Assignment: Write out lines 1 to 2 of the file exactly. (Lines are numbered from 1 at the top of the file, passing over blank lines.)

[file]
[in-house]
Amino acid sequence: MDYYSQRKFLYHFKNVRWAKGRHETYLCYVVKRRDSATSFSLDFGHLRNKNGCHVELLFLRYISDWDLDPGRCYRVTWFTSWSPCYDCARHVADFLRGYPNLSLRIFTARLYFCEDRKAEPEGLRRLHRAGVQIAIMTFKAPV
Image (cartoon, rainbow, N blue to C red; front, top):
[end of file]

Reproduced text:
[in-house]
Amino acid sequence: MDYYSQRKFLYHFKNVRWAKGRHETYLCYVVKRRDSATSFSLDFGHLRNKNGCHVELLFLRYISDWDLDPGRCYRVTWFTSWSPCYDCARHVADFLRGYPNLSLRIFTARLYFCEDRKAEPEGLRRLHRAGVQIAIMTFKAPV